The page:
US2551348A - Electrical apparatus - Google Patents

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US2551348A
US2551348A US585257A US58525745A US2551348A US 2551348 A US2551348 A US 2551348A US 585257 A US585257 A US 585257A US 58525745 A US58525745 A US 58525745A US 2551348 A US2551348 A US 2551348A
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input
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US585257A
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David E Sunstein
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Space Systems Loral LLC
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    • HELECTRICITY
    • H03BASIC ELECTRONIC CIRCUITRY
    • H03JTUNING RESONANT CIRCUITS; SELECTING RESONANT CIRCUITS
    • H03J7/00Automatic frequency control; Automatic scanning over a band of frequencies
    • H03J7/02Automatic frequency control
    • H03J7/04Automatic frequency control where the frequency control is accomplished by varying the electrical characteristics of a non-mechanically adjustable element or where the nature of the frequency controlling element is not significant
    • H03J7/045Modification of automatic frequency control sensitivity or linearising automatic frequency control operation; Modification of the working range
    • HELECTRICITY
    • H03BASIC ELECTRONIC CIRCUITRY
    • H03KPULSE TECHNIQUE
    • H03K4/00Generating pulses having essentially a finite slope or stepped portions
    • HELECTRICITY
    • H03BASIC ELECTRONIC CIRCUITRY
    • H03KPULSE TECHNIQUE
    • H03K5/00Manipulating of pulses not covered by one of the other main groups of this subclass
    • H03K5/01Shaping pulses

Description

y 1, 19 D. E. SUNSTEIN 2,551,348

; ELECTRICAL APPARATUS Filed March 28, 1945 I s Sheets-Sheet 1 77 {g i 12 90 /f I CARRIER OR PHASE MODULATED- WAVE AMPL'F'ER I F 1OUTPUT I I [W I i I 2 5 4x I AMPLIFIER I /5 L i A3 I l T J7 MODIFYING VOLTAGE INPUT PHASE OUTPUT INPUT PHASE OUTPUT MOD/FIFE MOD/Fifi I \I) b [6 5 g 3' i a I Q 24 '/23 194/ 5 g m g TRANSMISSION TRANSMISSION NETWORK NETWORK A23 16 3 P M INPUT OUTPUT OUTPUT INPUT w vE WAVE jayzk/ 51/19/9172 RM 0 ff y 1, 1951 I D. E. SUNSTEIN 2,551,348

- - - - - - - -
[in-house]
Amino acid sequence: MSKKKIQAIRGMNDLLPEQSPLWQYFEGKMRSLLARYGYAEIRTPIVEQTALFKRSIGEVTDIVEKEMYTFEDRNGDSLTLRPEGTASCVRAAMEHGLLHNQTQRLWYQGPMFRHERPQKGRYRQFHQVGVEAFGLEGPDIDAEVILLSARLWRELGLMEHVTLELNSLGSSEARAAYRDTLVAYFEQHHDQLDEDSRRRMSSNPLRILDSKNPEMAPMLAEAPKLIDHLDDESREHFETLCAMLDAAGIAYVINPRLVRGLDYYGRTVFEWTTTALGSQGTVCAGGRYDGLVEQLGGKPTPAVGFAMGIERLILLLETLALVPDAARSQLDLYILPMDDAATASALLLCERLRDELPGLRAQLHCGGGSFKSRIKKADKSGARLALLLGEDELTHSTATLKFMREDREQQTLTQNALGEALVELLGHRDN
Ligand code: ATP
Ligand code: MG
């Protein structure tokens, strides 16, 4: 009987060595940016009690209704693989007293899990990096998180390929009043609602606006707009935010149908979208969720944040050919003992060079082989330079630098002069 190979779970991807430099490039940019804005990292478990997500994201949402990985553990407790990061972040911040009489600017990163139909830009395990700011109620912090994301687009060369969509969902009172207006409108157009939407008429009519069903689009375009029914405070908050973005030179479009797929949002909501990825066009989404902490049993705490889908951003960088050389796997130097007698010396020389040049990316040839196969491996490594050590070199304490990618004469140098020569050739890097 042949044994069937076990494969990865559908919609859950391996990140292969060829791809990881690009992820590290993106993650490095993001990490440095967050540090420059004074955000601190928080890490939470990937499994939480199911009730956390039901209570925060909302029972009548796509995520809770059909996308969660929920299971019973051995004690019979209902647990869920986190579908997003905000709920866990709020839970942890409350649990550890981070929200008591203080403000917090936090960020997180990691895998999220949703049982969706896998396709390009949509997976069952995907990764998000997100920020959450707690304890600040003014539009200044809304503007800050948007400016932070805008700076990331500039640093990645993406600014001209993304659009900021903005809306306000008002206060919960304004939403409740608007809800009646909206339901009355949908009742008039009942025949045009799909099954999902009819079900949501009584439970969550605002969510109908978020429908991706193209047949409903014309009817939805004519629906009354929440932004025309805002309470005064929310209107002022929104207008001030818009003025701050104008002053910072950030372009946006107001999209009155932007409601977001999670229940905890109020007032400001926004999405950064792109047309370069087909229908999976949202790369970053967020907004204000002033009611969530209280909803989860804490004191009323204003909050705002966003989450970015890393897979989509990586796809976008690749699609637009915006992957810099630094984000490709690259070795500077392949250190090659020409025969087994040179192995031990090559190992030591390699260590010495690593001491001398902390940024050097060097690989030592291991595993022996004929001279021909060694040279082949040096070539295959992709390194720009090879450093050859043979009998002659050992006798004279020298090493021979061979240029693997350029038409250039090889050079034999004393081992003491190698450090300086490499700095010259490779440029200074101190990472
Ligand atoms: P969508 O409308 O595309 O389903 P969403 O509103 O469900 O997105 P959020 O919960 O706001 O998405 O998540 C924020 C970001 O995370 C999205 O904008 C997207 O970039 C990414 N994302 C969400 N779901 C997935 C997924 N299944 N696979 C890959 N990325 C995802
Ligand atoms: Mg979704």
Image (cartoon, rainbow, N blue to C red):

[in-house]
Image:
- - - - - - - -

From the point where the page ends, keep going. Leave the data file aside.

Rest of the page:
ELECTRICAL APPARATUS Filed March 28, 1945 j 8 Sheets-Sheet 2 INPUT PHASE OUTPUT OWPflT Mao/nae M6007 a g 2429 336 i 5 9493 f g TRANSMISSION a TRANSMISSION NETWORK NETWORK INPUT OUT UT #9?! TRANSMISSION 'NPUT PH W NETWORK ao/ 52 w w 453/ TRANSMISSION TRANSMISSION NETWORK NETWORK Q 67 1 323 I I" //VP1/r INPUT F535 OUTPUT OUTPUT fiwezz/m' jaz/z'a Jam/ez'zz WQM 0mg OUTPUT y 5 DE. SUNSTEIN 2,551,348

' ELECTRICAL APPARATUS Filed March 28, 194s 8 Sheeis-Sheet 3 ANT. 76 60 62 I m A: DISCRIMINATOR A? LOCAL REACTANCE osc, TUBE L'I\\ A.F.c. VOLTAGE f5 y jaV/la/ Sage??? May 1, 1951 D. E. SUNSTEIN 2,5 ,348

ELECTRICAL APPARATUS.

Fiied March 28, 1945 s Sheets-Sheet 4 PHASE MOD.

OUTPUT 1'00 1 NETWORK IN PUT OUTPUT zw v 4? m ufiii OUTPUT INPUT, I OUTPUT 1 0Q jaaza l zzzan ez'zz y 1951 D. E. SUNSTEIN 2,551,348

ELECTRICAL APPARATUS Filed March 28, 1945 8- Sheets-Sheet 5 1% RM Q Km awfq.